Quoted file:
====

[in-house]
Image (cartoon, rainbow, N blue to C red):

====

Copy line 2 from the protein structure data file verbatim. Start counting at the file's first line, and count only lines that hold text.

Image (cartoon, rainbow, N blue to C red):